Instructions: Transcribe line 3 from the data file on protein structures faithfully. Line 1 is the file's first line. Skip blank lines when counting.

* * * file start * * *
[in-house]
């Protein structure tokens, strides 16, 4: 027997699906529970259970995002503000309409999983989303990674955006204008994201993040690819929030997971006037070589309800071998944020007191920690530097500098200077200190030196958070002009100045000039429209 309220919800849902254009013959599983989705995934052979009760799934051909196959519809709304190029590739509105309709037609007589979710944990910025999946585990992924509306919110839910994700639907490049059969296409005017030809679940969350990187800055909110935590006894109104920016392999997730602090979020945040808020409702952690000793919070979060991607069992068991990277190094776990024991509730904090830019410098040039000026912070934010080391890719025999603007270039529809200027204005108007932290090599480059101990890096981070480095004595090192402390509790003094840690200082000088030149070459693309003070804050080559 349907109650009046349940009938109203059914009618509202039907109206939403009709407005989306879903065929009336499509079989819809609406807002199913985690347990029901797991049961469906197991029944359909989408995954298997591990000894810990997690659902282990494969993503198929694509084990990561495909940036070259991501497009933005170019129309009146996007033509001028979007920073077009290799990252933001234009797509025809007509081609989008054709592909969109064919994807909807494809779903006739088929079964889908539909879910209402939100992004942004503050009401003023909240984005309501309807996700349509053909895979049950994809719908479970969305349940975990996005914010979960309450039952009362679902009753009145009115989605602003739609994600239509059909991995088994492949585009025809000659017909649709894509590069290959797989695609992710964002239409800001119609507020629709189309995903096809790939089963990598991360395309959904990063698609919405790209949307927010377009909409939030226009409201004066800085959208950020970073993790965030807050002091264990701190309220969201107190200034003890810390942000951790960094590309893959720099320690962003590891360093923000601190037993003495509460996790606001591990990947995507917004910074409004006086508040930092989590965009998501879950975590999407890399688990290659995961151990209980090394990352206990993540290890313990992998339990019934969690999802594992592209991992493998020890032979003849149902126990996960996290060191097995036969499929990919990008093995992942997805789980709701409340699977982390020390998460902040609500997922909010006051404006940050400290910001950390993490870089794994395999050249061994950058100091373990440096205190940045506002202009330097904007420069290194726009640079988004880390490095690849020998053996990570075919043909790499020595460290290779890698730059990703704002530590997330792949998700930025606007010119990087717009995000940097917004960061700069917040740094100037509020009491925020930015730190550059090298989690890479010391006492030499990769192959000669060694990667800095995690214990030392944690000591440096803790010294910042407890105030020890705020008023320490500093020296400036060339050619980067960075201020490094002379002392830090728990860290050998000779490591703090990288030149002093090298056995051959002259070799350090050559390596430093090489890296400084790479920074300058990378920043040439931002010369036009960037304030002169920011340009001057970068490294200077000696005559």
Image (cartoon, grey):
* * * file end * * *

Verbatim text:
Image (cartoon, grey):